Posted by blackbeasthamish dated 2012-11-26 12:12:24
Cannot for the life of me understand why I was directed to this site from the NARPO website. I was looking for financial advice for everyone and not just for women. I would have thought there are far more male than female NARPO members. Very disappointed.
Posted by Sarah Pennells dated 2013-02-15 10:31:15
Dear Blackbeasthamish Thank you for your comment and apologies for the delay in replying, but I've been having problems with the spam catching software. I had no idea that NARPO linked to this website. Obviously, I’m pleased to have links from other organisations but I cannot control who links to my website. I’m sorry you’re disappointed with SavvyWoman, as many men who visit this site find it relevant to them .
Posted by Carol Wood dated 2013-04-24 17:03:36
I have a lasting POA for both parents and have to deal with several banks/building societies. I have run up against the Skipton refusing to let me operate my father's ISA account unless he is incapacitated physically or mentally. He is neither just totally absorbed being a full time carer for my mother. The Skipton say they are complying with HMRC guidance - but this cant be correct as other banks will allow an attorney to manage an ISA account. Any thoughts?
Posted by Sarah Pennells dated 2013-04-29 13:06:33
Hi Carol (Wood), Thanks for the question and sorry for the delay in replying but I was on holiday for a few days. I've done a quick bit of Googling and there does seem to be a rule that says ISAs can only be taken out if someone has a power of attorney for the ISA holder who has lost capacity. However, I'm getting this checked out with HM Revenue and Customs. As soon as I have the answer, I'll add it in the comments box. It's an interesting one, so thanks for bringing it to my attention.
Posted by Troy dated 2013-05-09 08:36:58
Here's my situation... I have LPA over my mother's finances which I applied for in October and got last week. She has three savings accounts with different banks. Up until late last year my sister was paying her utility and home care bills but because of a massive family row she said she no longer wanted to know. Mum's bills had to be paid so I applied for the LPA. I knew my sister's name was on Mum's books but she denied being a joint account holder. Went to the Halifax last week and guess what? They told me my sister was a joint account holder and I need her permission to access the account. She pays nothing into the accounts she just took out for Mum's bills. My argument that I was representing my mother's interests not my sister's didn't wash when I complained, but I understand their position. I don't have a JA with my husband, we never got round to it, so I don't know how it works. I'm more annoyed that I have to ask her permission and I'm waiting for the form to come back s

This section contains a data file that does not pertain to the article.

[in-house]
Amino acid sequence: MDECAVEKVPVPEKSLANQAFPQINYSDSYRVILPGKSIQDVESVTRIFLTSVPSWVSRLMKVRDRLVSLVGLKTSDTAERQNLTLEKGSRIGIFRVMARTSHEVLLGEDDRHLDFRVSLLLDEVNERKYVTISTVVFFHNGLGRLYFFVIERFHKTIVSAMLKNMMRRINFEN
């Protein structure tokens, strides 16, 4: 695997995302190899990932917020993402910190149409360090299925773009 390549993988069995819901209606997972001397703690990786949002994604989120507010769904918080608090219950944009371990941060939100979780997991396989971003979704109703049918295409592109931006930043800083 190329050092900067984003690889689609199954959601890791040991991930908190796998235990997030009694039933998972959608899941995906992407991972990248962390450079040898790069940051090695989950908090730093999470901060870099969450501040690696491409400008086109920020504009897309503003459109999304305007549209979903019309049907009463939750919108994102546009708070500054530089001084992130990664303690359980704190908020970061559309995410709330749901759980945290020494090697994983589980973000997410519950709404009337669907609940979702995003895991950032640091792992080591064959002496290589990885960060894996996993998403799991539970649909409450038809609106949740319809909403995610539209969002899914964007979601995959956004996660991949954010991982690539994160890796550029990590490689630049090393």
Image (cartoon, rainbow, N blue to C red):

Posted by Troy dated 2013-05-09 08:40:24
I'm more annoyed that I have to ask her permission and I'm waiting for the form to come back signed - if it ever does. What do I do if she refuses? We're not speaking at all. Can't wait for the next experience with the other two banks and today I'm off to the Post Office to register as her appointed legal representative. All I want to do is pay Mum's bills!
Posted by Sarah Pennells dated 2013-05-12 07:29:59
Hi Troy, Thanks for your comment. I'm really sorry to hear about the experience you're having. That sounds like a nightmare. If you have power of attorney for your mum, you are acting as her so you can access the account. You effectively become the joint account holder. I'd be happy to help you - if I can - by contacting Halifax's press office. I would need your permission to do so. Please email me at sarah [at] savvywoman [dot] co [dot] uk if you'd like me to help.
Posted by Troy dated 2013-06-16 10:07:49
Hi Sarah, many thanks for your comment. The form did come back from my sister signed and I was able to proceed with the application, but when I approached Nationwide and Santander they were amazed. They said my sister's permission was not needed, even though she is also a joint account holder for those banks, too. In fact Nationwide was the smoothest transaction. I heard from them within a week and thankfully I was able to start paying Mum's bills. Halifax didn't notify me at all and when I went into the branch to enquire a couple of weeks ago they said, 'Oh, you'll be registered within forty-eight hours'. Eventually, after still not hearing, I flipped and lodged a complaint. They have now registered me and sent a small cheque for compensation. I now have a problem with Santander, who seem to want the signature of the third member of the family to be told of my intention to apply for LPA (there is no signature box for him, anyway, and the other two family members haven't signed, o